Implemented just two years ago, the Sunshine State’s TrophyCatch still is in its “infancy stages,” according to Bill Pouder, a freshwater fisheries administrator for the Florida Fish and Wildlife Conservation Commission (FWC). It was borne out of the state’s Long-Term Black Bass Management Plan, with the intent of ensuring “Florida is the undisputed bass fishing capital of the world.”

Word of mouth, Pouder added, has helped considerably in motivating fishermen to report catches of 8 pounds and larger. “If I’m an angler who catches an 8-pound bass and all I have to do is provide a photo and measurements in exchange for $100 in gift cards and prizes, then I’d be very encouraged to do it,” he said.

Statistics certainly bear out that assessment, too. From Oct. 1, 2012, through September 2013, fishermen entered 206 fish in TrophyCatch. But 679 bass were logged in during the eight months that followed. Of those 885 fish, 244 weighed between 10 and 12.99 pounds and 5 weighed 13 pounds or more.

As possibly the biggest surprise of the program thus far, three of those latter fish, including the largest at 14-9, came from Kingsley Lake, a semi-private fishery in Clay County. That discovery goes to the heart of how TrophyCatch will enhance opportunities for Florida anglers to catch lunkers: It tells them where they are.

Not so surprising is that Lake Istokpoga tops the list of public waters, followed by Okeechobee, Toho, Kissimmee, and St. Johns River. But 235, or more than 25 percent, of those fish have been caught in small, unnamed waters, including private ponds, golf course ponds, retention ponds, and undisclosed public lakes.

“Those types of waters aren’t typically managed,” Pouder said. “But that suggests we might look into that for the future.”

Also worthy of note is that TrophyCatch has given lie to the notion that anglers must use shiners to catch big bass in Florida. More 60 percent of entries were caught on artificials.

More of that kind of helpful information will be available to anglers soon, as FWC develops a more in-depth website for TrophyCatch, which will allow each entrant to have his or her own page.

In Texas, meanwhile, managers continue to look for new ways to improve the state’s trophy bass fisheries through ShareLunker, a program built around stocking Florida strain largemouths. Before the Lonestar State introduced the larger variety of black bass, its state record of 13.5 remained unchallenged for 37 years. Since stocking began in the 1970s, the record has been broken six times, and three since ShareLunker began in 1986.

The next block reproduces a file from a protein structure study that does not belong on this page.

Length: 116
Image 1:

Current Texas record is 18.2, larger even than the biggest bass documented in Florida at 17.27.

Courtesy of ShareLunker, Florida bass now swim in 62 Texas impoundments. They are spawned in hatcheries from the ShareLunker entries of 13 pounds or more that Texas fishermen donate to the program.Incredibly, 51 percent of ShareLunker entries are pure Florida bass, with the rest being hybrids. Yet sampling reveals that Florida bass typically make up only about 7 percent of a fishery’s bass population.

“A real value of the program has been that it has convinced anglers that they do not have to kill their catch to get a trophy,” said Allen Forshage, director of the Texas Freshwater Fisheries Center.

In exchange for donating their fish, anglers are given replica mounts.

Right now, focus is on DNA and how tracking it might help produce a fish that could rival the world record of 22-4. While breeding ShareLunker entries to male ShareLunker offspring, biologists have developed a technique to identify both parents in future trophy bass.

Tagging already has revealed that sometimes entries are caught more than once. In fact, one was caught three times.

“I was a pessimist when we first started this program,” Forshage said. “We had no idea that one day we’d have 62 lakes producing these lunker fish.”

(This column appeared originally in B.A.S.S. Times.)


Family Bluegill Tournament Planned for Sept. 28 in Texas

Photo by Robert Montgomery

A bluegill family fishing tournament is set for Sept. 28, sponsored by the Texas Freshwater Fisheries Center. What a great way to remind adults how much fun they can have by fishing with children.

Participants can fish in adjacent Lake Athens or in the center’s ponds and streams, some of which have been stocked with bluegill.

More than $2,500 in prizes will be awarded.

Go here to learn more.



Behind the Scenes at the Lunker Bunker

ShareLunker 547. Texas Parks and Wildlife photo.

Check out the new 14-minute video at the Texas ShareLunker Facebook page. It shows what happened when ShareLunker No. 547 was taken into the Lunker Bunker at the Texas Freshwater Fisheries Center in Athens.

You also can see a video in which Donald Deville tells how he caught that 14.06-pound largemouth at Lake Fork.